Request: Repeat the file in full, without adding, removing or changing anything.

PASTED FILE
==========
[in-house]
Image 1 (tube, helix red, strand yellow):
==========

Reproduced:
[in-house]
Image 1 (tube, helix red, strand yellow):